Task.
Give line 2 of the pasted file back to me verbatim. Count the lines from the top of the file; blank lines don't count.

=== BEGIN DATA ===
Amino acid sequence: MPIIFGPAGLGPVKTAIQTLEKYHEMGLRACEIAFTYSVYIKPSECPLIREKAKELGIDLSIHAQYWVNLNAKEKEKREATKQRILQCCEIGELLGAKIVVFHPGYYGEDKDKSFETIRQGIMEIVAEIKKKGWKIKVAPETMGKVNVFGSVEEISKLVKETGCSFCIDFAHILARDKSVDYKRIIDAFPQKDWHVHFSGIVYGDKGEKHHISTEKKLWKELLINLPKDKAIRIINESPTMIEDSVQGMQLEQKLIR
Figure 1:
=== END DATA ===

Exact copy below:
Figure 1: